In November, the Art Institute of Chicago opened Strokes of Genius, an exhibition of Italian drawings from the collection of Chicagoans Jean and Steven Goldman. The Goldmans, formerly of Glencoe, are known for their extensive collection of Italian drawings, one of only three or four of this scale in private hands; these works on paper represent artistic studies for commissioned projects in Renaissance art, notably in Mannerism (the late Renaissance period and the early 16th century) and early Baroque art. It’s a short historical period, ranging from 1425 to 1650, but it encompasses an extraordinary range of styles, mediums, and functions. The Goldman Collection was previously shown at the Art Institute in 2008’s Drawn to Drawings—and it is the first time the museum has displayed a private collection more than once.
More than 80 pieces from the Goldman Collection are displayed in Strokes of Genius, 60 of which are new acquisitions. For their debut, these recent additions—among them masterpieces by the Carracci, Francesco Salviati, Pietro da Cortona, and other masters—are hung alongside notable related works from the museum’s prints and drawings collection.
Anne Vogt Fuller and Marion Titus Searle Chair and Curator of Prints and Drawings Suzanne McCullagh says that the exhibit was curated “with the collaboration of Jean Goldman.”
“Suzanne and I selected ones that spoke to the drawings we had acquired,” Jean says. “We thought it would be interesting for the public to see the range of drawings an artist would make.” In some cases, the Goldmans have acquired multiple studies for the same commissioned work, which allows viewers to gain a deeper understanding of an artist’s range.
While most exhibitions of this nature are hung chronologically, Jean wanted to try a different approach. Her career as an expert art historian and independent scholar, along with 20 years as an adjunct professor at the School of the Art Institute, feeds into her “mission in life, which is to make Renaissance art accessible.” And soStrokes of Genius presents drawings categorically, juxtaposed in a way that allows viewers to develop an intuitive understanding of an artist’s range: head studies, figures in motion, and composition studies.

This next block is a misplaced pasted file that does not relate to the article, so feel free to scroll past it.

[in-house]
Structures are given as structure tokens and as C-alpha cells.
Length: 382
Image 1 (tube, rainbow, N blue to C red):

“The wonderful thing is if you go in and see these studies of heads and one is naturalistic, one is abstracting and one is idealizing—you can see the kind of different ways you would draw a head,” Jean explains. “And same with the figures. Some figures in the 16th century were beautifully elongated and [some] were more naturalistic.”
“The layout of the exhibition shows how the approach to the study of the human form became codified in the academies later in the 16th century, with opportunities for studying the figure from life,” McCullagh adds.
Jean wrote two essays and co-authored the 90 entries in the exhibition catalog with Nicolas Schwed, an independent scholar and gallery owner living in Paris.
“We were a perfect match because I had certain skills that fill in the skills he has,” Jean says of the collaboration, which occurred almost entirely via email. “He can look at a drawing and attribute it, but he doesn’t have the context I do—in some ways, the drawings are a summation of my life’s work.”
McCullagh adds that the works on paper have long been “an area where discoveries can be made.”
Schwed and Jean spent nearly five years writing and researching the catalog, which has added significantly to the corpus of late Renaissance art history; Jean explains that “you never know who did a drawing—there’s no attribution. You have to determine it yourself. I’m like a detective: I look for clues,” though even after piecing together an attribution, it doesn’t always stick; as the field expands, attributions can become invalidated.
The Goldmans began collecting when Jean worked as the curator at the Institute of Contemporary Art, Boston: “We never considered ourselves collectors,” Jean says. “But over the years we bought this drawing and that drawing—somehow, without knowing it, you become a collector.” It’s an inextricable and vibrant element of their lives; the drawings, with few exceptions, normally hang from floor to ceiling in their home.
“It’s an amazing experience,” Jean says. “I was in the kitchen one evening and Steven yelled in, ‘Jeannie, come here immediately!’ I thought the living room was on fire or something. I come running in and he said, ‘have you looked at this drawing recently? It’s so beautiful.’ It’s that kind of thing.”
Strokes of Genius is on view in the Art Institute Galleries 124-127 through February 1, 2015. For more information, visit artic.edu.